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In the second of two parts, we look more closely at a complex set-up using AWS Fargate and GitLab CI to deliver containerized automation and DevOps for enhanced developer experience, reduced costs and more robust infrastructure. Part 1 of this blog is here.

Part two

If you've stumbled into this from somewhere else, I'd encourage you to go read part 1 first.

Otherwise, welcome back! Hopefully, you're here because you've read up on building containers, had a go at it with the examples in the previous post, built and pushed the test image provided, you've got a basic proof of concept working at AWS and orchestrated by your GitLab instance and you're happy it all works. Now you want to use this in anger, so what next?

Creating your own container image

The first thing you're going to need to do is pack your own container for your automation. Although you've been kicking the tyres with the provided Debian example container, you've probably already figured out this really isn't useful for anything other than proof of concept "Hello World" stuff. If you think about it, your CI container is going to be sensitive. It's necessarily going to contain private SSH keys needed to connect to target infrastructure for a kickoff, and likely some other secrets too, maybe API credentials, lists of sensitive IP addresses, etc.

We're going to use Docker to build container images, and I'm not going to re-document how you do that, but in terms of pointers I actually started with the GitLab provided Debian container example and used it as a base. Why? Mainly how it handles the entry point - the code executed by the container when it is launched - and how this entry point code allows GitLab Runner to connect to a new container to give it instructions. That and it's a nice, clean, basic Debian install (it so happens all our infra is Debian too!) so I ran with a fork of that as the starting point for my own CI container image. If you don't fancy using the Debian image as a starter then have a hunt around for existing lightweight and open-source container images you could piggyback on, or roll your own entirely if you're feeling brave.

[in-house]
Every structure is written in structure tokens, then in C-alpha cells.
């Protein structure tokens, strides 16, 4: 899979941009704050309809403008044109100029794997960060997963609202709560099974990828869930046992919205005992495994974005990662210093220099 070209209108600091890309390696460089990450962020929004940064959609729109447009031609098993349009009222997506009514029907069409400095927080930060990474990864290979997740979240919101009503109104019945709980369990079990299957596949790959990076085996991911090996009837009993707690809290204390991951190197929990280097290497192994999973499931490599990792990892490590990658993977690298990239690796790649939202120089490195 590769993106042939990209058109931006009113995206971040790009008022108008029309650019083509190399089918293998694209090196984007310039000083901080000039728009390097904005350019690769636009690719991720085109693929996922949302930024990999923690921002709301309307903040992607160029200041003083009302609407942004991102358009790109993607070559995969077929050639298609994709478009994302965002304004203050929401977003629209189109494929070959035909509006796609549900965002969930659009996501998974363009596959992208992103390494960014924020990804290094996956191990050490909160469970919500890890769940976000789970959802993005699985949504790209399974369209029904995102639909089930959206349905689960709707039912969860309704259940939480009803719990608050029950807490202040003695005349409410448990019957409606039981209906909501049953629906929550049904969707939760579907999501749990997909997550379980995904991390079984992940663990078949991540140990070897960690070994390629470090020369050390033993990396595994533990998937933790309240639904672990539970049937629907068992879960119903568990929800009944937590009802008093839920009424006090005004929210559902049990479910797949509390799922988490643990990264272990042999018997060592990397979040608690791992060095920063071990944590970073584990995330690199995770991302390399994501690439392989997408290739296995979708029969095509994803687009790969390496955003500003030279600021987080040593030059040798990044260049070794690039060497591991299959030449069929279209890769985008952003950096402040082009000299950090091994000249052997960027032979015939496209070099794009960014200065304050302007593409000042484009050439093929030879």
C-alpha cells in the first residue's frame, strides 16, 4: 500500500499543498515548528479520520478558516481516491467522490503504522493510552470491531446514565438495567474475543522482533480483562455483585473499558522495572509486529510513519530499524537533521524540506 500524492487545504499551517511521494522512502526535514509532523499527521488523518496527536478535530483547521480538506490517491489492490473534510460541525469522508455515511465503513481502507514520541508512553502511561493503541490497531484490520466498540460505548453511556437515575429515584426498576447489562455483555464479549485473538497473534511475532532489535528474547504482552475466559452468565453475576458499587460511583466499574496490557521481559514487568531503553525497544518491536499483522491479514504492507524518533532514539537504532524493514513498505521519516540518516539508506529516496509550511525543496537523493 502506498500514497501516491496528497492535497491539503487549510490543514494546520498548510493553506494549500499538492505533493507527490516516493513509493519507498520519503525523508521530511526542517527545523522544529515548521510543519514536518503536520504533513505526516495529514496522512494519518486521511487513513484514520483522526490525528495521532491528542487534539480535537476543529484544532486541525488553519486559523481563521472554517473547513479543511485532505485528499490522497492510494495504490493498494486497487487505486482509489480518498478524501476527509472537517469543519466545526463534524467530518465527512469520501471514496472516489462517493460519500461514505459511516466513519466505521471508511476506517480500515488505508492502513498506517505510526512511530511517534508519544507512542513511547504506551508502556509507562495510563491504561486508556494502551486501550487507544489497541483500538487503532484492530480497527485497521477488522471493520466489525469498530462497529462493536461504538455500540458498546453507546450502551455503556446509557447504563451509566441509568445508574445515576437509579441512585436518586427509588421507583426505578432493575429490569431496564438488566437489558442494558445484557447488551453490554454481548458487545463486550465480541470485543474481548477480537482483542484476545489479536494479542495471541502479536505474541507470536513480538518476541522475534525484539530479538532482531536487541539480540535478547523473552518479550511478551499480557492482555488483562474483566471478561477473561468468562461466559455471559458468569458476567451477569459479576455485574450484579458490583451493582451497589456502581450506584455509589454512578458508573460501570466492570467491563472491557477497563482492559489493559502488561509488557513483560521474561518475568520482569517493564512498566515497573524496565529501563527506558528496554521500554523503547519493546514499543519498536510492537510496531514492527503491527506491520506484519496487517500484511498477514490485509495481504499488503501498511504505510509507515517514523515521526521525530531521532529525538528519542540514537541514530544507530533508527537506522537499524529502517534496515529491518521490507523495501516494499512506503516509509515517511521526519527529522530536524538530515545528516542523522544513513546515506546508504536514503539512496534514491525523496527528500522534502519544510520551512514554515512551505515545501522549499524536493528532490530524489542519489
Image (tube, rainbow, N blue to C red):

Moving on, because our entire dev stack is built on the Docker platform we have ready code for building and deploying Docker images to our Docker Hub account (a private repo, of course - whatever you do, do not accidentally publish a Docker image full of secrets). I've shared a working example of how you might build a CI container in our dev tools repository, ce-dev. This will be periodically updated as we figure things out and fix things up.

But the short version is you'll need some means, automated or otherwise, of building and maintaining a private Docker container using the `docker image build` and a private repository you can `--push` to and that AWS Fargate will be able to 'pull' your image from later.

The AWS bits

It's worth noting there's no particular reason you couldn't use Kubernetes for orchestrating your containers - Fargate can support either EKS (Kubernetes service) or ECS (Docker service) - but all the documentation provided uses ECS so I've stuck with that.

Docker login